Meticulous research combined with a sense of discipline and productivity, the ability to sit down and write until the writing was done, (he kept writing at odd hours for the rest of his working life), would become necessary traits in Stieg as a writer and in his journalism, aimed to expose the racist and neo-nazi movements that were once again emerging in Europe.
Moving to Stockholm
At the end of the 70s Stieg and his girlfriend Eva Gabrielsson moved to Stockholm. Both had been actively engaged in politics and maybe they both felt the need for a bigger space, geographically, socially and politically, in which to develop.
Eva studied to become an architect and Stieg took his first few serious steps towards becoming a full time journalist. Not being admitted to a formal education in journalism he worked extra at the post office and wrote freelance articles for magazines willing to publish his texts.
Slowly, and with much hard work, his luck started turning and Stieg eventually landed a job as a researcher at Swedens largest news agency, Tidningarnas Telegrambyrå. He would remain for a decade in various capacities, researcher and illustrator, to finally reach the position of feature-writer for the agency.
Working as a researcher Stieg was on the bottom rung in the journalistic hierarchy, but he relished the opportunity the research gave him to become a more knowledgeable, and therefore better, writer.
As a graphic illustrator he was often in touch with his father and apart from his daytime job he started writing books and went on to create the anti-racist foundation and magazine, Expo. It was in the capacity as Editor In Chief for the latter that he was best known in Sweden before the Millennium-novels were published.
By virtue of his extensive knowledge on the neo-nazis and racist movements in Europe the anonymous researcher eventually became a sought after authority and lecturer.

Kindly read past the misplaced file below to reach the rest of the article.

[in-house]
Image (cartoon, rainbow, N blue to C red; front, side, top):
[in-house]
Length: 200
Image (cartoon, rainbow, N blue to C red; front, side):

Parallel to his work as a journalist Stieg began to shape other ideas. He felt the need to carry his message and convictions further but also needed new ways to channel his productivity and creativity.
His starting point was Astrid Lindgrens childrens stories about Pippi Longstocking, a much loved but also controversial anti-hero. Stieg asked himself what a modern, grown up, Pippi would look like. Someone who fights the injustice and evil of an adult world. The image of the tattooed, computer hacking, orphan Lisbeth Salander, and with together with her the Millennium-trilogy, began to take shape.
Stieg became fully immersed in his work habitually writing through the night on nothing but coffee and cigarettes.
Stieg chose the criminal genre for his first large scale fictional project because it served his goal of describing a darker side of modern society but also because he knew it well, having written many articles on crime writers and their books as feature writer.
In spite of being knowledgeable Stieg still stayed in touch with his family. Both his father and brother Joakim through their respective professions provided background facts for Stiegs books and Joakims daughter Therese partly stood as a model for Lisbeth Salander answering questions on tattoos and kick-boxing.
As the Millennium trilogy was accepted by one of Swedens largest publishers, Norstedts, all three books were already written.
Stieg suspected the books would do well. Norsteds saw the possibility of some success abroad, Swedish crime novels having been successful in some foreign markets, and had offered Stieg an unusually sizable advance.
Stieg spoke to his father and his family about these expectations. Finally the many years and many long nights of writing for free or for very little were about to come to an end. As the three novels lay ready to be published, the first one in the spring of 2005, Stieg passed away on the 9th of November 2004 at the age of 50.
So who was Stieg Larsson? For the Larsson-family he is still a much loved child and brother who left us much too early. We know that he, through his writing, still had many things left undone. Questions still to be posed to the people in front of and behind the extreme political movements, institutional violence and oppression exposed and injustices to be fought.
We want to carry on asking those questions and fighting that injustice. The Stieg Larsson Foundation is one of the ways in which we’ve chosen to do so.